How to adjust memory usage by using configuration options in SQL Server

When I was at Tech Insights 2009, a few delegates asked me on ways that they could adjust memory usage by using configuration options in SQL Server. They were complaining that SQL Server uses a lot of memory. 🙂 In fact, a lot of people posted this question to me when I delivered trainings and talks. Well. I think is worth I blog on this.
 
When you start SQL Server, SQL Server memory usage may continue to steadily increase and not decrease, even when activity on the server is low. Additionally, the Task Manager and Performance Monitor may show that the physical memory available on the computer is steadily decreasing until the available memory is between 4 to 10 MB. This behavior alone does not indicate a memory leak. This behavior is normal and is an intended behavior of the SQL Server buffer pool. By default, SQL Server dynamically grows and shrinks the size of its buffer pool (cache) depending on the physical memory load reported by the operating system. As long as enough memory is available to prevent paging (between 4 – 10 MB), the SQL Server buffer pool will continue to grow. As other processes on the same computer as SQL Server allocate memory, the SQL Server buffer manager will release memory as needed. SQL Server can free and acquire several megabytes of memory each second, allowing it to quickly adjust to memory allocation changes.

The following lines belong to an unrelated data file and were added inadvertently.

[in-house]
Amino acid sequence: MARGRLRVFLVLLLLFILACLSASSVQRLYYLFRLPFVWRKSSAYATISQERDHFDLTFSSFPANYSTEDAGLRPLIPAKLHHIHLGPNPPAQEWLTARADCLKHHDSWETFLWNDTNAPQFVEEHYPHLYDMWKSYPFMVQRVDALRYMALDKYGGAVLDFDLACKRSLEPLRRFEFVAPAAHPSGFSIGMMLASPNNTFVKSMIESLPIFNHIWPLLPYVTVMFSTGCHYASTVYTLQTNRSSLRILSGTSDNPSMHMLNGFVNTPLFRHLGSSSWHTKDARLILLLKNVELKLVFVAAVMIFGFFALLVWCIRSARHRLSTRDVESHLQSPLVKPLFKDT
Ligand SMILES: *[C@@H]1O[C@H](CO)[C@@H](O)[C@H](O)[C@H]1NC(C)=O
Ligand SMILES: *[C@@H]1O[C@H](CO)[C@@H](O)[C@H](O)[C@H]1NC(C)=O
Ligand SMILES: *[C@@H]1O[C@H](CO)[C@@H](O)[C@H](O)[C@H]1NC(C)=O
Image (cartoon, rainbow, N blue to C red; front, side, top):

You can establish upper and lower limits to the amount of memory (buffer pool) used by the SQL Server database engine with the min server memory and max server memory configuration options.
 
An Example:
The following example sets the max server memory option to 4 GB:
 
sp_configure ‘show advanced options’, 1;
GO
RECONFIGURE;
GO
sp_configure ‘max server memory’, 4096;
GO
RECONFIGURE;
GO
 
Note:
 
There are two principal methods for setting the SQL Server memory options manually:
 
. In the first method, set min server memory and max server memory to the same value. This value corresponds to the fixed amount of memory to allocate to the SQL Server buffer pool after the value is reached.
. In the second method, set min server memory and max server memory to span a range of memory values. This method is useful where system or database administrators want to configure an instance of SQL Server in conjunction with the memory requirements of other applications that run on the same computer.
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